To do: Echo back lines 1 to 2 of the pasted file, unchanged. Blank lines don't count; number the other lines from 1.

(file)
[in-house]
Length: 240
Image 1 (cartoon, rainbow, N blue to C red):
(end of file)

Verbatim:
[in-house]
Length: 240